We line up, all with fresh legs (or not for some of us-but I did actually taper for this race, that is, I didn't run a race the weekend before), realistic goals or not, but happy to make it to the start. I vow to stay on top of my eating and drinking and to start out conservatively. Ken is crewing for me, Mary Hanna will run with me from 47 miles to 53, brother-in-law Cliff Richards from 53-75, and Gwen Scott to the finish. This is a great team. I get to the first water only aid station having already emptied one bottle, refilling it, and arriving 2 minutes slower than previous years, which is what I am hoping for. The first major climb up Goat Peak taxes me, even though I started out conservative. I am sweating profusely because of what I feel is very humid conditions, but others are looking comfortable. I'm power hiking, not running up this mountain like I have in years past. Yet by the time I get to the Cole Butte aid station at about 10.8 miles, 5 minutes slower than previous years, my legs feel heavy already. But I know there is some downhill running coming up and hope to stretch out my legs. Uh-oh. The increased speed moves things along and I have to make a pit stop. I take a little detour off a side road and take care of business. But in my bathroom position, one of my inner thigh muscles decides to cramp up! I jump up immediately, thank goodness I was done, but very worried that I am having problems so early on despite eating, drinking, and taking salt early.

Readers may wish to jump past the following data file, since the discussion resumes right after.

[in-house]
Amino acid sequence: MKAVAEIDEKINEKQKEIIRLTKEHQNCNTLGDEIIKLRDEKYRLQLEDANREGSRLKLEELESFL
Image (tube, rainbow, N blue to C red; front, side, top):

I continue running down the hill, not at a full clip, but taking advantage of the descent. I know the next aid station will be after another climb. I power hike this but by the time I get to Blowout Mt (Chris Ralph and Tom Ripley's 15 mile aid station), my legs are twitching and I seriously need to slow down my WALKING pace before I have a full blown cramp. I've been through this pre-cramp feeling before and know what I need to do to avoid a muscle catastrophe. I arrive about 8 minutes slower than previous years. I leave the aid station very slowly up the hill, knowing there will be some downhill in about a mile and arrival at the PCT. At this point, I'm peeing like every 15-20 minutes. I'm not understanding what I'm doing wrong. My low back is hurting and my legs have no spring in them. I am able to stumble the downhill once it comes, but certainly cannot take advantage of this nice trail and grade. Many people pass me. I get passed on the down, up, and flat. But I'm still slowly running, not walking, which does help me cover some distance. It does give me a chance to really enjoy the beauty of the PCT. I enjoy running in the clouds sweeping over the trail. Even if there is no view, the wind swept alpine trees are beautiful and strong. I am in the moment.